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At age 9, Natalie Rosenthal began to have terrible stomach aches, fatigue, and diarrhea. He had dark circles under his eyes. Stopped growing or gaining weight.

“He had spasms every time he ate something,” says Rosenthal, now an adult. “At first, the pediatrician told my mom that she had a nervous stomach.” Medication to calm the muscle spasms didn’t help, so her mother pushed for another diagnosis.

“She was a real tiger mom,” says Rosenthal, who lives in Atlanta. “She kept taking me back to the doctor. He said that I was not a nervous girl and that I was not afraid or anxious about school or socializing. She said, ‘This is no psychological.'”

After a year, a gastroenterologist gave Rosenthal a colonoscopy that showed she had Crohn’s disease, not nerves. Symptoms of Crohn’s disease include stomach pain, fatigue, diarrhea, nausea, or vomiting, so doctors may mistake it for other conditions. Tests that show inflammation or its damage, such as injuries, can reveal the correct diagnosis.

Different people, different symptoms

Crohn’s disease is caused by a runaway immune system that causes inflammation in your gastrointestinal (GI) tract.

It is difficult for doctors to pin down the disease because it can affect different parts of the tract. That means not everyone has the same symptoms, says Edward V. Loftus, Jr., MD, a gastroenterologist at the Mayo Clinic in Rochester, MN.

“It is important to rule out other conditions, because the symptoms are not specific,” he says.

Stomach pain, diarrhea and fatigue could also mean you have irritable bowel syndrome (IBS) or celiac disease, says Loftus.

Mild swelling may not show up in blood tests. Your doctor might mistakenly think that you have anemia from low iron levels, not from low iron levels and the bleeding that can accompany Crohn’s disease. Infections like salmonella E. coli, and tuberculosis may also have symptoms similar to Crohn’s disease.

Treatments for these conditions are quite different, Loftus says, so it’s important to do definitive testing before starting, Loftus says.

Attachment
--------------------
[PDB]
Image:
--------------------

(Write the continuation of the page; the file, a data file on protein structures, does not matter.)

You can help in the process

Talk about all of your current or past symptoms so your doctor can pinpoint Crohn’s clues, says Shamita Shah, MD, medical director of the inflammatory bowel disease program at Ochsner Health System in New Orleans.

She says some people have “a symptom, like blood in their stools, and they think, ‘Oh, that’s just hemorrhoids.’ It goes away and then comes back months or even years later.”

Don’t hide any symptoms from your doctor because you feel embarrassed or because you think it’s no big deal. And don’t wait until it gets unbearable either, says Shah. You will risk damaging your intestines or need stronger treatment.

“I’ve seen patients go into the hospital for appendicitis surgery, and then it turned out to be Crohn’s disease,” he says.

Get the right tests

Blood tests can show signs of inflammation, but your doctor will likely need to look inside your digestive tract to diagnose it, Shah says.

“Crohn’s disease can affect you anywhere from the mouth to the anus, so we need to look for signs of inflammation,” he says. These include skipped lesions or areas of inflamed tissue next to areas that appear normal.

These are the most common tests:

  • Colonoscopy uses a small camera that is inserted into your anus through a long tube while you are sedated or asleep.
  • Enterography is a type of scan that shows a cross section of your digestive system.
  • Endoscopy can show lesions in your upper digestive tract.

If these tests still don’t confirm Crohn’s disease, your doctor may want to perform a wireless capsule endoscopy, Loftus says. You will swallow a pill with a small camera that allows your doctor to see your entire digestive tract.

Don’t ignore the symptoms

Crohn’s disease can affect children, teens, or young adults, Shah says. You may be tempted to treat your symptoms on your own, or even downplay them, but those are not good ideas.

Some young people are embarrassed to tell someone about this, or they think nothing is wrong, he says. “They don’t know what these symptoms mean, or they feel like it’s really no big deal.”

Years ago, Dana Hartline was diagnosed with ulcerative colitis, a disease that also causes pain and diarrhea. About a year after that, he found out that he actually had Crohn’s.

Everyone’s body and illness are different, says Hartline, who lives in Marietta, GA. Your doctor at the time was unwilling to listen to your concerns or questions. “I wasn’t experienced enough to know what to ask and I was in a lot of pain at the time,” he says.

If you think your diagnosis is wrong because you are not getting any relief from your treatments, say so.

Or find a doctor that’s right for you, says Hartline. “Diagnosis and treatment came easily when I had someone who was willing to spend time with me and who actively provided me with the history and education about the disease, what to expect, what is normal, and what could raise a red flag.”

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